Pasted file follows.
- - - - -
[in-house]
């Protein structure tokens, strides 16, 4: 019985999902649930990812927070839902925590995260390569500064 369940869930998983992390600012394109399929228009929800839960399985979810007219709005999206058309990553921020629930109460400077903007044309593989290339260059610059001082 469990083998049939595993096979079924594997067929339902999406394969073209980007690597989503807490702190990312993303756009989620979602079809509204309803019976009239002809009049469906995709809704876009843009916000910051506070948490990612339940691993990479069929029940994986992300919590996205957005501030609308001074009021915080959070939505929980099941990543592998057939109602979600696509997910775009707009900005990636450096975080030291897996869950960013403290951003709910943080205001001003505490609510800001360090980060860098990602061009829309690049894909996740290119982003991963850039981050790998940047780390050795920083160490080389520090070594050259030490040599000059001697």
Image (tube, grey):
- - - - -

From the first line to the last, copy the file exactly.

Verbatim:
[in-house]
């Protein structure tokens, strides 16, 4: 019985999902649930990812927070839902925590995260390569500064 369940869930998983992390600012394109399929228009929800839960399985979810007219709005999206058309990553921020629930109460400077903007044309593989290339260059610059001082 469990083998049939595993096979079924594997067929339902999406394969073209980007690597989503807490702190990312993303756009989620979602079809509204309803019976009239002809009049469906995709809704876009843009916000910051506070948490990612339940691993990479069929029940994986992300919590996205957005501030609308001074009021915080959070939505929980099941990543592998057939109602979600696509997910775009707009900005990636450096975080030291897996869950960013403290951003709910943080205001001003505490609510800001360090980060860098990602061009829309690049894909996740290119982003991963850039981050790998940047780390050795920083160490080389520090070594050259030490040599000059001697």
Image (tube, grey):